And that’s the point of those old children’s books. Knowing right from wrong is easy, but doing the right thing is hard. These books taught boys not to make excuses. Now, the authors weren’t creating grand parables to articulate complex ethical philosophies. The moral might be as simple as, “Tis better to die alongside your ship’s captain than stage a mutiny with some homicidal buccaneers.” Just be honest, fair, kind, and brave—no matter the cost.
I don’t blame Hemingway & Co. for corrupting the morals of our Western youffs. That would be giving too much credit to novelists, who aren’t nearly as influential as they like to think. Those writers were more a product of their age than anything else—and it shows, in their own miserable private lives. But it’s interesting to see how our morally ambiguous literature mirrors our morally ambiguous society.
So, why are we talking about all of this? Well, I have a theory that politics has filled the void left by the decline of Christianity in the West. It gives us a sense of identity, and of community. It gives us a moral code by which we can order our lives. It even offers us a kind of immortality: if we give ourselves over completely to the Cause, we will never die, so long as the Cause lives on.
Granted, it’s not exactly unique. I call this “The Politicization of Everything,” which apparently isn’t an MWD Original, either. But it might be the single most important concept in America today.
Put it this way: When liberals cheer on BLM riots in Portland, but decry the Capitol Hill siege as an act of domestic terrorism, conservatives call them hypocrites. When conservatives cheer on the Capitol Hill siege, but then decry the BLM riots in Portland, liberals call them hypocrites. In fact, neither side is hypocritical. Huge swathes of both the Left and the Right believe that political violence is justified, though only if the cause itself is justified.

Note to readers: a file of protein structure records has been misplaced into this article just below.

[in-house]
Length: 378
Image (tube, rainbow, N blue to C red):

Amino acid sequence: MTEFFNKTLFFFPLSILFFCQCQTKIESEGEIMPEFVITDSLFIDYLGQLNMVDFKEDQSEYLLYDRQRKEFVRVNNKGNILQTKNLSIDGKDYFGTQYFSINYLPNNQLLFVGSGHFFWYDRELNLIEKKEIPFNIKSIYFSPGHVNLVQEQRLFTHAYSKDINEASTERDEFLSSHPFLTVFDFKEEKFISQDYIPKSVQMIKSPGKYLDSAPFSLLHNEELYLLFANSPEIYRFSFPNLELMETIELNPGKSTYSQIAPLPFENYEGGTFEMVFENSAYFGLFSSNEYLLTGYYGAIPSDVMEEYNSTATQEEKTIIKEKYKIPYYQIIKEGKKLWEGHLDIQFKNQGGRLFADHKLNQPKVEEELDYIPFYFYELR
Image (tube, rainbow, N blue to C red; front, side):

The liberal says, “I can’t necessarily condone all the violence in Portland, but I can understand it. The protests were an expressions of discontent with structural racism!” The conservative says, “I can’t necessarily condone the violence on Capitol Hill, but I can understand it. Congress was about to certify a stolen election!” After all, what matters more than advancing equality/protecting our democracy?
This isn’t how all conservatives and liberals think. But it’s how lots of them think, and mostly without even realizing it.
No, there’s no hypocrisy. There’s no whataboutism. There are no double standards. It’s a very basic form of consequentialism, where the (political) ends justify the means.
Lenin was a great consequentialist. “We say that our morality is entirely subordinated to the interests of the proletariat’s class struggle,” he wrote. “Our morality stems from the interests of the class struggle of the proletariat.”
So was Robespierre: “If the mainspring of popular government in peacetime is virtue, the mainspring of popular government in revolution is both virtue and terror: virtue, without which terror is disastrous; terror, without which virtue is powerless. Terror is nothing but prompt, severe, inflexible justice; it is therefore an emanation of virtue; it is not so much a specific principle as a consequence of the general principle of democracy applied to our homeland’s most pressing needs.”